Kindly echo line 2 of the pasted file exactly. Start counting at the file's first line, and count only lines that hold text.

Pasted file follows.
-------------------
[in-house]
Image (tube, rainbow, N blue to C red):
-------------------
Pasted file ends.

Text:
Image (tube, rainbow, N blue to C red):